There are tremendous advantages to having a faster growing fish if you're in the farming business. These advantages are spread across the board. It's an advantage for the producer, there's an advantage for the consumer and what's not focused on enough is that there are advantages for the environment. For the producer, we basically have a situation now where you can produce twice as many fish in the same time period because we've cut the harvest time in half. So that means a farmer with enough acreage or water acreage in this case to produce one thousand pounds of fish in a cycle, can now produce two thousand pounds and I think the economics are fairly clear from that.

It's going to be much more inexpensive to produce the fish and there's a higher profit margin, and interestingly enough there's also what we find a better food conversion ratio. What that means is that the fish actually eat less to put on more weight. So all of these are economic advantages. In a capitalist society as we have of course, some of those advantages will get translated down to the consumer in the form of lower prices. As demand increases, normally the price would go up. But in this case the ability to harvest much more fish at a lower cost per pound is going to allow more consumers around the world to eat these fish. For the environment, the advantages are perhaps even greater than those just for the consumer and for the producer.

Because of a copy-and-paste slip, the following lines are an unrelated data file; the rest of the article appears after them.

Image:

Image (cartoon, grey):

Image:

Right now, salmon farming is increasing at somewhere between 10 and 12 percent per year compounded annually and it's projected to continue at some kind of rate that is in that ballpark for the next 20 or 30 years. What that means is in order to produce these fish in order to meet people's protein needs, we're either going to have to use up more coastal land, more space, create more effluent (?) than we have before. Or, we'd have to learn how to be more productive. And being more productive is what we think will give an advantage. Number one, it means that you can do two things. Either produce more fish on the same amount of coastal land that you have today, or as the economics are more favorable change a lot of salmon farming into inland facilities, which is simply going to eliminate many of the problems we see with the environment.

Even while we have outdoor salmon farming in the coastal areas, the fact that these fish eat less to put on more weight means that they are more sustainable. And that's tremendous goal that all of us have. Sustainability is a key issue on the planet as the population continues to grow. The other advantage is that were just asking to grow sterile, all female stocks. What this does is eliminate the problem, which is constantly being talked about by environmentalists today of gene introgression. Or what happens when a fertile salmon escapes into the wild and mates with the wild stocks-does it change the genetic balance out there? Whether or not you think that's an issue, if you have a sterile fish escaping, you know that has to be much more favorable than if you have all fertile fish.